EtymologyMiddle English maieste, mageste, from Old French majesté, from Latin māiestās, derived from Proto-Indo-European *maǵ-yos- "greater", from *maǵ-, *meǵ- "great".
OriginOriginally, during the Roman republic, the word maiestas was the legal term for the supreme status and dignity of the state, to be respected above everything else. This was crucially defined by the existence of a specific crime, called laesa maiestatis, literally "Violated Majesty" (in English law Lese majesty, via the French Lèse-majesté), consisting of the violation of this supreme status. Various acts such as celebrating a party on a day of public mourning, contempt of the various rites of the state and disloyalty in word or act were punished as crimes against the majesty of the republic. However, later, under the Empire, it came to mean an offence against the dignity of the Emperor. Even indirect actions such as paying for a service in a brothel with a coin bearing the portrait of the emperor could be punished as an act aganst this "maiestas".
Western style monarch's addressAfter the fall of Rome, Majesty was used to describe a Monarch of the very highest rank - indeed, it was generally applied to God. The title was then also assumed by Monarchs of great powers as an attempt at self-praise and despite a supposed lower royal style as a King or Queen, who would thus often be called "His or Her Royal Majesty." The first English king to be styled Majesty was Henry VIII - earlier monarchs had used the form His Grace. Eventually the title became enshrined in law, and it was thus that all of the Kings and Queens of Europe bear the title to this day. Variations include His Catholic Majesty for Spain and Her Britannic Majesty for the United Kingdom, when used to distinguish Her Majesty from other Monarchs.
The Monarchs of Principalities were considered lesser, so they generally did not take the title, opting for either His Highness or His Serene Highness. On a similar note almost all rulers of princely states in the British Empire were denied the Majesty style, only being recognised as His Highness, a style commonly used for sons (and other relatives) of a Majesty, since they were not sovereigns in their own right.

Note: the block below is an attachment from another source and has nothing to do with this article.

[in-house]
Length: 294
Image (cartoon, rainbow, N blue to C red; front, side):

The United KingdomIn the United Kingdom, several derivatives of Majesty have been or are used, either to distinguish the British sovereign from continental kings and queens or as further exalted forms of address fro the monarch in official documents or the most formal situations.
Most Gracious Majesty is only used in the most formal of occasions. Around 1519 King Henry VIII decided Majesty should become the style of the sovereign of England. "Majesty", however, was not used exclusively; it arbitrarily alternated with both "Highness" and "Grace", even in official documents. For example, one legal judgement issued by Henry VIII uses all three indiscriminately; Article 15 begins with "the Kinges Highness hath ordered," Article 16 with "the Kinges Majestie" and Article 17 with "the Kinges Grace."
In pre-Union Scotland Sovereigns were only addressed as Your Grace. During the reign of James I & VI, Majesty became the official style, to the exclusion of others. In full, the Sovereign is still referred to as "His (or Her) Most Gracious Majesty", actually a merger of both the Scottish Grace and the English Majesty.
Britannic Majesty is the style used for the monarch and the crown in diplomacy, the law of nations, and international relations. For example, in the Mandate for Palestine of the League of Nations, it was His Britannic Majesty who was designated as the Mandatory for Palestine. Britannic Majesty is famously used in all British Passports, where the following sentence is used: Most Excellent Majesty is mainly used in Acts of Parliament, where the phrase "The King's (or Queen's) Most Excellent Majesty" is used in the enacting clause. The standard is as follows:
Usage in AfricaIn most of Africa where there may be Kings and Queens or Chiefs, they use His/Her Majesty, instead of Highness or Royal Highness regardless of whether the Kings or Chiefs are sovereign over any land or not, since most are heads of the tribes within the various countries of Africa.
Imperial monarch's addressIn the case of Emperors and Empresses, the style "His (or Her) Imperial Majesty" is used instead, where there may be several monarchs (Kings or Queens) that are considered to be under the jurisdiction of the Emperor/Empress.
majesty in German: Majestät
majesty in Persian: مهستی (لقب)
majesty in Dutch: Majesteit
majesty in Norwegian: Majestet
majesty in Portuguese: Sua Majestade
majesty in Swedish: Majestät
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